The Eastern Seaboard-based Trio This have a lot of that, those, and them going on. From a beautiful modern jazz perspective, influences including but not exclusive to Keith Jarrett, and immensely talented individuals like drummer George Schuller, bassist Matt Pavolka, and especially Australian-born pianist Barney McAll, this threesome has made a wonderfully attractive, imaginative musical statement with That. McAll's original music, tacked onto to some very intelligent choices for covers -- or reinterpretations to be accurate -- and two compositions from Schuller add up to a collection of works that flows in steady currents like any of the purest, cleanest rivers or streams. In this world of carbon-copy musicians, McAll should be duly noted as one whose strives for originality, depth, and substance. On his exciting composition "Flashback," he displays great musical insight in a modal fashion, yet extrapolates melody lines that extend far beyond the pale in a type of spirit song, rivaling peers like Aaron Parks and Robert Glasper. He also knows how to change up on styles within the mainstream jazz framework, as on the country-soul-tinged "Where It Stops, Nobody Knows"; the light bossa-funk "Lava Lamp" (penned by Schuller), where shadings are darker by degrees; the hymnal-to-waltz pacing of Geoffrey Shaw's "Langham" as arranged by McAll; and the delicate, pretty Henry Mancini ballad "Dreamland." Two selections stand out not only for the way they are played, but that they were unearthed in contemporary times. Les McCann's "Get That Soul" is a parallel to Horace Silver's "Song for My Father" in its bassline, with a cool and erudite groove, while Wayne Shorter's "Pug Nose" is very pleasant rather than the challenging sound you may expect, with solid-as-a-rock musicianship from the trio. The clear and present ability of McAll cannot be ignored much longer, and perhaps this will be the breakout recording that garners him his due recognition. In the meantime, this album comes easily recommended among the glut of efforts in this format, rising well above most of them.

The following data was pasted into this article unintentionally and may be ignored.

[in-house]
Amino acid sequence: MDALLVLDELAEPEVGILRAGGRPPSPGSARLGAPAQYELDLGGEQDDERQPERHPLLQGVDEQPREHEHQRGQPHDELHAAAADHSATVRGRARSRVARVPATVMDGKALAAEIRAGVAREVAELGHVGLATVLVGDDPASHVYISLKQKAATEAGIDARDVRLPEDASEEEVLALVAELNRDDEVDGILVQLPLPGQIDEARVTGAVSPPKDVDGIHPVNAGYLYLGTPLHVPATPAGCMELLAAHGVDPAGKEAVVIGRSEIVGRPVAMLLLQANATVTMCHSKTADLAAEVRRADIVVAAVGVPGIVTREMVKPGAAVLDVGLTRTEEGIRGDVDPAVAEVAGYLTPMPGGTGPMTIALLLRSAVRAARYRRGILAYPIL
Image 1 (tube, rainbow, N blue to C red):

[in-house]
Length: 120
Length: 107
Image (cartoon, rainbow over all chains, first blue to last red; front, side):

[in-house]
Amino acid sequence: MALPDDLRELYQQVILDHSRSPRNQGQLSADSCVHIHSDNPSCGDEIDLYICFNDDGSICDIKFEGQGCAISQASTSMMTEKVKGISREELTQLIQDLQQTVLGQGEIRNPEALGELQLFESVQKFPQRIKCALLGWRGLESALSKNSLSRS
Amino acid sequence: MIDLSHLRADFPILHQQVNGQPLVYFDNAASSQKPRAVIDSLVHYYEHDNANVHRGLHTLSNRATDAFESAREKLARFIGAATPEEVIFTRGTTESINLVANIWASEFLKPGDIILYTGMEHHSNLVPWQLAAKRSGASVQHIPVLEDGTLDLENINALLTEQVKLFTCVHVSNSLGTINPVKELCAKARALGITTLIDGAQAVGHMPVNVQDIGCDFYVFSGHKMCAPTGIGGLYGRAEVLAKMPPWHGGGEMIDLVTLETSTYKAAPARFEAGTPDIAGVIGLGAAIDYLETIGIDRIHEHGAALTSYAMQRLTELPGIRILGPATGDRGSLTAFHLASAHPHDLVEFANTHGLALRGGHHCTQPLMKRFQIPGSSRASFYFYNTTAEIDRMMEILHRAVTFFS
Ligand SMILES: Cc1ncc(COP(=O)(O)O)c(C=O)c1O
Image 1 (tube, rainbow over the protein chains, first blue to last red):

AllMusic Review by Michael G. Nastos